0
% Total % Received % Xferd Average Speed Time Time Time Current
Dload Upload Total Spent Left Speed
100 277 100 174 100 103 464 274
--:--:-- --:--:-- --:--:--
736{"result":{"progressId":"ES_7PBXiq5gg67u9Vr","percentComplete":0.0,"status":"inProg
ress"},"meta":{"requestId":"**********************","httpStatus":"200 -
OK"}}

I need to extract the highlighted part beginning with ES_

I tried using

curl <...> | sed '"progressId"\:"(ES_[A-Za-z0-9]{15})'

however it still stores the entire output in the environment variable.

  • 1
    Welcome to the site. When posting console output, please always ensure proper formatting. I tried to edit your post, but please verify that the sample output is exactly as would appear on your console so that contributors can understand the structure of the text and point you to a working regular expression. Btw, note that your sed command is malformed since it does not contain any command; I'm surprised you didn't get any error message ... – AdminBee May 15 at 7:22
  • 1
    Please ensure that the output is properly formatted. As it stands now, it looks like you're getting broken JSON back, which I must assume means that you've botched the copy-and-paste somehow. Since you haven't copied the output properly, not even a sed solution can be trusted to work reliably. – Kusalananda May 15 at 11:45
2

This should work:

curl <...> | sed -E -n 's/.*(ES[^"]+).+/\1/p'

Explanation:

  • .* means 'any char 0 or more times'
  • ES[^"]+ means 'ES followed by any char which is not " one or more times'
  • .+ means 'any char 1 or more times'
  • \1 means 'the first group', so what's inside ()
  • p means 'print only matching lines'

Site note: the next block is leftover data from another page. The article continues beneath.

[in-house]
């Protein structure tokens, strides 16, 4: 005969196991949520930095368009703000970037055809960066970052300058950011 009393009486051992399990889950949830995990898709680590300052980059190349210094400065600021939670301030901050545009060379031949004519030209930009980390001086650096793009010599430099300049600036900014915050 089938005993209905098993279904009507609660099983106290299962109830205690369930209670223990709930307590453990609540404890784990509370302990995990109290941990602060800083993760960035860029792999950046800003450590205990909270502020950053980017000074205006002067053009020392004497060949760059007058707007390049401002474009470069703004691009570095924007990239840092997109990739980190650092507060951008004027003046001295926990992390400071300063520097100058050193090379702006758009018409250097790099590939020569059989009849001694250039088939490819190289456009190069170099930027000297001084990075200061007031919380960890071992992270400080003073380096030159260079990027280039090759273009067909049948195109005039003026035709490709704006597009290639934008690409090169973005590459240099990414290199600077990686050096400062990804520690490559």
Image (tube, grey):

If you want to store it in a variable you can do it with backtick ` like this:

VAR="$(curl <...> | sed -E -n 's/.*(ES[^"]+).+/\1/p')"
| improve this answer | |
  • 1
    Please note that the backtick notation for command substitutions is deprecated, and the new var="$( ... )"-style syntax should be used instead. – AdminBee May 15 at 7:45
  • Thank you, corrected. Do you have any article that explains why is deprecated? – Francesco Lucianò May 15 at 7:53
  • 1
    You're welcome. If you are interested, take a look at this post here on U&L SE or this one on SO which contain useful background information (and also the correct interpretation of "deprecated" in this case). – AdminBee May 15 at 7:57
  • this worked like a charm for me. Next I am trying to do the following: – Viraj Deshpande May 15 at 13:33
  • % Total % Received % Xferd Average Speed Time Time Time Current Dload Upload Total Spent Left Speed 100 188 100 188 0 0 1323 0 --:--:-- --:--:-- --:--:-- 1333{"result":{"fileId":"71e3270d-52b5-4082-a08b-3851bc22795f","percentComplete":100.0,"status":"complete"},"meta":{"requestId":"************************","httpStatus":"200 - OK"}} – Viraj Deshpande May 15 at 13:33
4

Best to use a json parsing tool to parse json. jq is a popular one.

set -o pipefail # if supported by your shell
var=$(curl -s "$url" | jq -r .result.progressId) || exit

Or:

json=$(curl -s "$url") || exit
var=$(printf '%s\n' "$json" | jq -r .result.progressId) || exit

(which allows you to extract more information from that json data later on).

| improve this answer | |

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